Daily Game Design Practice: Week of 10/30/2017

Had a successful last week breaking my creative block by designing a game a day — resulting in the games Sofas for Sale, What To Eat After the Apocalypse, Tackers, Pick and Plunder, Subconscious Suitcase, Abandon All Artichokes, and Rocks in the Garden. This week, I’m going to spend some time digging into the business side of games, looking at publishers, promotion, and other aspects related to shipping and profiting from the games we make.

If you’re just tuning in, you can get a great overview of Game Design Daily on the chilido.gs site.

Daily practice prompts for this week:

  • Pondering publication. Many game designers turn to publishers to help get their games into the hands of excited customers. Of course, it’s important to note that publishers aren’t a magic bullet or easy shortcut in the game design world. Most receive way more pitches and submissions than they have the capacity to print, and you still have to put in all the design legwork — building prototypes, polishing your mechanics, playtesting, and the like. But if you put in the effort, pay attention to each individual publisher’s submissions criteria, and stick to the process, your chance of eventual success is pretty high. Today, I’m taking a look at Cardboard Edison’s publisher directory (available for a one-time fee or by subscribing to their Patreon) and learning about a handful of potential publishers for my games. I’m not sure if the same sort of list exists for video game publishers — if you find one, let me know! A good place to start is to list games similar to yours, and find who publishes them.
  • Posting progress. A great way to get the word out to the public about your game design work is to write about it, and to find a place where that writing can get exposure. Your personal blog or social media is a good place to start, but you’ll really expand your reach by having your writing seen in more visible places. Make a list of five sites you could potentially write for that would get your designs, thoughts on game creation, or anything else related to your creative work known.
  • Analyze and categorize. It’s a lot easier to tell people (including publishers!) about your games if you know how to categorize them. Categorization and mechanics descriptions are by no means a hard science; it’s easy to describe most games in many different ways. Eventually, you’ll want to test a few descriptions and see which resonates more with your audience. But for now, picking one or two terms will do. This page on BoardGameGeek includes their full lists of categories and mechanics for board games. If you’re categorizing a video game, Wikipedia’s Video Game Genre page is a good place to start.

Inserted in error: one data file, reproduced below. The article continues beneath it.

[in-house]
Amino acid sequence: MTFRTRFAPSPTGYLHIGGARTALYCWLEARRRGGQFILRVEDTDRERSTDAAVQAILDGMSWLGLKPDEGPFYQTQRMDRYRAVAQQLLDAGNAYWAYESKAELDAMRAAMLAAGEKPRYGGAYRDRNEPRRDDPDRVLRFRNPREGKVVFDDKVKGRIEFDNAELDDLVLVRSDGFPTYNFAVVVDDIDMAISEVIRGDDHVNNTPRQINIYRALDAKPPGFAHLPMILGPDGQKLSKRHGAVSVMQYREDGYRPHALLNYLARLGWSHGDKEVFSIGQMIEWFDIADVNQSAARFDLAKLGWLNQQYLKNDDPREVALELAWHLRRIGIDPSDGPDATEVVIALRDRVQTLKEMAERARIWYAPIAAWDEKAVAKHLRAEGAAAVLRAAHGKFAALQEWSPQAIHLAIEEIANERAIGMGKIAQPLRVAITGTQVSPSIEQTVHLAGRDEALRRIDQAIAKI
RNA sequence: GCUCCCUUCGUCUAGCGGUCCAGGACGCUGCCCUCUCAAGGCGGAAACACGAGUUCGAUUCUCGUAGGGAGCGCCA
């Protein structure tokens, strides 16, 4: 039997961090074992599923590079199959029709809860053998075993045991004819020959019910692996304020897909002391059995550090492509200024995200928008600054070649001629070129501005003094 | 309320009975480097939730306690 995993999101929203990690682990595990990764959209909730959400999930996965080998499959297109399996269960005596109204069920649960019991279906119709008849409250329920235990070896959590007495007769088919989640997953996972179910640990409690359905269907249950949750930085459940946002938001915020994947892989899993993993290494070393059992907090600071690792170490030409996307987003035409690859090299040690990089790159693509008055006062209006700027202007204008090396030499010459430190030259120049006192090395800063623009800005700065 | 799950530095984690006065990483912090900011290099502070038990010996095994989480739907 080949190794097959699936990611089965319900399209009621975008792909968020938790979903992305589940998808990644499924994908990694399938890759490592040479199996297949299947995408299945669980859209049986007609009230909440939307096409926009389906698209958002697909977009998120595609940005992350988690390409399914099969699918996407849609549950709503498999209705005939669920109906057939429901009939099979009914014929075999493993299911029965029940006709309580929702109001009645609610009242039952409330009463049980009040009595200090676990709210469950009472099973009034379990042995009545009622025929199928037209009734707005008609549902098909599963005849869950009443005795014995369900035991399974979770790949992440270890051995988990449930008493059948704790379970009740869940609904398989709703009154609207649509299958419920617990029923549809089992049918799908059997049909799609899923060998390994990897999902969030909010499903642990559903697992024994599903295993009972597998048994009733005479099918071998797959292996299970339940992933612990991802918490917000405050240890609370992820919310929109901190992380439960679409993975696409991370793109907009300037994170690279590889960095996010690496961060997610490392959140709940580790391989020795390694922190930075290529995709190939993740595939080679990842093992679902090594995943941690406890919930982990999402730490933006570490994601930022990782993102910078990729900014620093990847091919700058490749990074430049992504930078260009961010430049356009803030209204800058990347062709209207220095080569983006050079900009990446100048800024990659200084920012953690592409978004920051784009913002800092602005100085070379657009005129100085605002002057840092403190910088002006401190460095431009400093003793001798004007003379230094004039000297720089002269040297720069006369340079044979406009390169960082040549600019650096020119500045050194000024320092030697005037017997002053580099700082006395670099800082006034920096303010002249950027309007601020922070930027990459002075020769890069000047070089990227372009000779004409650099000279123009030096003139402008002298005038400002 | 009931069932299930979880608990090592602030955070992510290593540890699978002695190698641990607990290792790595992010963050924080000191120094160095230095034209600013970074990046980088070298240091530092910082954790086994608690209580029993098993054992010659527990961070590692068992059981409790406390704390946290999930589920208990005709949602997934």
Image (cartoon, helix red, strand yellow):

• Sound and fury (and moving pictures!) Many boardgamers learn about the hottest new titles from non-written sources — podcasts, YouTube videos, and Twitch streams in particular. Can you use one of these mediums to your benefit, either by creating your own or joining forces with an established creator? Choose one of these mediums and take the first steps to getting started — making an account, downloading software, or even uploading or streaming some content.
  • Pull together your pitch. Elevator pitches should be ten to thirty seconds, and encapsulate what’s best about your game — unique mechanics, interesting theme, unexplored audience niche — in a way that’s super easy for your target (publisher, potential customer, fellow designer) to understand. Draft a pitch for a game you’re working on or one you’ve recently played. Remember, elevator pitches evolve over time. Don’t get too hung up on the perfect pitch — any pitch will do for now, as long as it’s fast and snappy.
  • Media personalities. There are influencers and media outlets in the games industry who can help your game and your designer brand gain exposure. The best way to build a good relationships with them is to get to know them — the kinds of things they’re looking for and what’s a good fit for their sites and channels. Once you feel like you’ve found a good match, contact them (in their preferred format) about things they might be interested in. To get started on your media relationship journey, find and follow a few of these people today.
  • Update the places you talk about your games. With your pitch and categories in hand, you’re ready to publicly post your games on your own sites. The sooner you have your ideas and prototypes posted, the sooner you can start talking about and sharing your work on a regular basis (which is a good thing!). Ideally, you’ll have one page per project that you’re actively working on, and possibly a general page for ideas/projects that you’re thinking about but haven’t started yet. If you have a place to post about your work, make a quick pass on it today. If you don’t have such a place, get started looking for one! I use Squarespace for my sites, but anything with static, update-able pages (including Medium) will work.

May the path to financial and critical success as a game designer be illuminated before you. I’ll be working alongside you during your practice — follow on Twitter or Instagram. And hit me up if you have questions or want to share your progress!